Stay clear of these 15 words in your interview and application
Admissions Barbara Barkhausen, December 5 2015 / 12-10-2015
Career advice experts from the Muse have analysed which words you should omit to sound cleverer. These little recommendations are not only useful for emails and texts but also for interviews, essays and applications.
The 15 words that are often redundant or make your writing harder to digest or even less trustworthy are:
A word that can often be left out and the sentence still makes sense or can be replaced by ‘who’ when referring to a person.
‘Went’ is just lacking imagination as there are a plethora of English words expressing the same in a more sophisticated and precise way like ‘made his way’, ‘walked’, ‘dashed’, ‘hurried’, ‘flew’, ‘crawled’, ‘attended’, ‘visited’, ’wandered’, ‘hiked’…
Honestly, absolutely, really, always, never, literally, just, maybe and very
Those words are often redundant and only make sentences unnecessarily longer or dramatize what you want to say. The experts recommend to leave the sentence structure simple or rather use more interesting adjectives.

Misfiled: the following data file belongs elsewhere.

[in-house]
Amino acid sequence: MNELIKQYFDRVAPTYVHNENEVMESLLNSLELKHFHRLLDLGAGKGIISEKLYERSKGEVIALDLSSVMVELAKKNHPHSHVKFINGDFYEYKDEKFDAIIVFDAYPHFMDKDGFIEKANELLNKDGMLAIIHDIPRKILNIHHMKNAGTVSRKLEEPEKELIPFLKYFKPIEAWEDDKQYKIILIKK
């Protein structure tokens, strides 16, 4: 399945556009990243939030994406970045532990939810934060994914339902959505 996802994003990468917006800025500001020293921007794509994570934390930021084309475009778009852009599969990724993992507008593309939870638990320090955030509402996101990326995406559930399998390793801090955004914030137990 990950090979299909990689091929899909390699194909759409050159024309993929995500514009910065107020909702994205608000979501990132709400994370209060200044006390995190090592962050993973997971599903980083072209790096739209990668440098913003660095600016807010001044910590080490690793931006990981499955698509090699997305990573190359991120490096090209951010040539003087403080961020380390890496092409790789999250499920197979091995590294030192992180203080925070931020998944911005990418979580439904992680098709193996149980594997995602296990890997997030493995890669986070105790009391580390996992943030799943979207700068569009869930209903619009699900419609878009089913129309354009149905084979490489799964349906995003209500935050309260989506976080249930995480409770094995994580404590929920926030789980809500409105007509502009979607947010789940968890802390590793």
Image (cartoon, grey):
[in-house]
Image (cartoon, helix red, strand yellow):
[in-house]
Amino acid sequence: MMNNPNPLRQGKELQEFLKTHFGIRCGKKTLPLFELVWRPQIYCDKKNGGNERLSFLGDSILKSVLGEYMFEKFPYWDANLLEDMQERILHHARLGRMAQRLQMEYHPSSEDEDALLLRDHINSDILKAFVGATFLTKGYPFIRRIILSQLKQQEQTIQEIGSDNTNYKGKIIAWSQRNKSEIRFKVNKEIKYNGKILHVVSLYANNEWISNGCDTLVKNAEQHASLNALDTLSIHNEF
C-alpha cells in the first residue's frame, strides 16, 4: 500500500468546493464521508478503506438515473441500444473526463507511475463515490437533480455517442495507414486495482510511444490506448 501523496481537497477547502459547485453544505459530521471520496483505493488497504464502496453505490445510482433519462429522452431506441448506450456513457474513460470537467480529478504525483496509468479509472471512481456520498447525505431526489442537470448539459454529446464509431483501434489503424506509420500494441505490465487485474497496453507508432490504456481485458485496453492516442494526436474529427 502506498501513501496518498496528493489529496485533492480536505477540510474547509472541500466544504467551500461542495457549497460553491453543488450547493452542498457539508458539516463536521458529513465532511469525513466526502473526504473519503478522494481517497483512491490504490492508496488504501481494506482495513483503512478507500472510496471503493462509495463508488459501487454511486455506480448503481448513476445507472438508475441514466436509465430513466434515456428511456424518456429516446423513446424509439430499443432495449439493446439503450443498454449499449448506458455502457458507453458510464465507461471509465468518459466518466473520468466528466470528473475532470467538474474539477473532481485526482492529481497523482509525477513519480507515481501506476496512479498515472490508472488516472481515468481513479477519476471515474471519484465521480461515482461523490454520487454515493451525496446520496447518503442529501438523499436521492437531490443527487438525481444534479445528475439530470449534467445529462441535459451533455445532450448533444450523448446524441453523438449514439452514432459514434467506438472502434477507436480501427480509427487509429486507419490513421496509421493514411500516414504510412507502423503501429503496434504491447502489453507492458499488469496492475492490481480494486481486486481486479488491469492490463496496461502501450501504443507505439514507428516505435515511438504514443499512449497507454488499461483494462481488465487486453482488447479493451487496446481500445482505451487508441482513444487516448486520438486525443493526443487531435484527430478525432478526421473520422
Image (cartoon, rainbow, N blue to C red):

Talking about adjectives: ‘Amazing’ and ‘awesome’ are not the right adjectives to impress your counterpart in an interview. If you describe a positive experience for example, rather be specific. Don’t say the Leaning Tower was “absolutey amazing”, rather comment on how impressed you were standing in front and feeling the grandeur of the tower, admiring the intricate stone work and how amusing it was to observe all the other visitors taking selfies whilst pretending to hold the tower up.
Stuff and things
If you are using vague words like ‘stuff’ and ‘things’ instead of naming what you are actually talking about, it will certainly cost you credibility.
This means the same as regardless. So just erase that word from your vocabulary.
Find full report here:
The Sun - Amazing, that, really... the 15 words you should NEVER use in a sentence